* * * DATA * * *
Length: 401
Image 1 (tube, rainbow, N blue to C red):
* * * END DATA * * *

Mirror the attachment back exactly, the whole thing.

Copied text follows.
Length: 401
Image 1 (tube, rainbow, N blue to C red):